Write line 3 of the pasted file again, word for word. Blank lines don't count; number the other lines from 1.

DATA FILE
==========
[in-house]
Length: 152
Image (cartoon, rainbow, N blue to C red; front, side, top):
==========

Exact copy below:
Image (cartoon, rainbow, N blue to C red; front, side, top):